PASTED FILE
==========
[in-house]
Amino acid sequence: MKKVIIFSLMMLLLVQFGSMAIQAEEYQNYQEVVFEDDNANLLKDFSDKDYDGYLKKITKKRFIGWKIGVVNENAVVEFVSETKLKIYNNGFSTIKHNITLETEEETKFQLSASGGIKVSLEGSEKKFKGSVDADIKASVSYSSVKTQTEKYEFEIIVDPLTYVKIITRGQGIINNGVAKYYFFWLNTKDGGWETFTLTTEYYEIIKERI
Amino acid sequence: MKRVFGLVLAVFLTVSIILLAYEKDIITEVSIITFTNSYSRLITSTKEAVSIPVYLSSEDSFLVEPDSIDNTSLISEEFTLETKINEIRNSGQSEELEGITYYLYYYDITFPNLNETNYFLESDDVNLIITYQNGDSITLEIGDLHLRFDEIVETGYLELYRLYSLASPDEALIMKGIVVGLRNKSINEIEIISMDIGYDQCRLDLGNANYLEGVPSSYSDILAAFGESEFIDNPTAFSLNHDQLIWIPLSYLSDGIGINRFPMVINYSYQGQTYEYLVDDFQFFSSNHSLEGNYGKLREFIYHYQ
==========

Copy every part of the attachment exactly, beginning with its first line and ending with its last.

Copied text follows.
[in-house]
Amino acid sequence: MKKVIIFSLMMLLLVQFGSMAIQAEEYQNYQEVVFEDDNANLLKDFSDKDYDGYLKKITKKRFIGWKIGVVNENAVVEFVSETKLKIYNNGFSTIKHNITLETEEETKFQLSASGGIKVSLEGSEKKFKGSVDADIKASVSYSSVKTQTEKYEFEIIVDPLTYVKIITRGQGIINNGVAKYYFFWLNTKDGGWETFTLTTEYYEIIKERI
Amino acid sequence: MKRVFGLVLAVFLTVSIILLAYEKDIITEVSIITFTNSYSRLITSTKEAVSIPVYLSSEDSFLVEPDSIDNTSLISEEFTLETKINEIRNSGQSEELEGITYYLYYYDITFPNLNETNYFLESDDVNLIITYQNGDSITLEIGDLHLRFDEIVETGYLELYRLYSLASPDEALIMKGIVVGLRNKSINEIEIISMDIGYDQCRLDLGNANYLEGVPSSYSDILAAFGESEFIDNPTAFSLNHDQLIWIPLSYLSDGIGINRFPMVINYSYQGQTYEYLVDDFQFFSSNHSLEGNYGKLREFIYHYQ